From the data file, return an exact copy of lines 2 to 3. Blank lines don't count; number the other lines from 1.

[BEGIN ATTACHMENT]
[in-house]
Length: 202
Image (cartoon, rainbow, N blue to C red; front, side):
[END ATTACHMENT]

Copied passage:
Length: 202
Image (cartoon, rainbow, N blue to C red; front, side):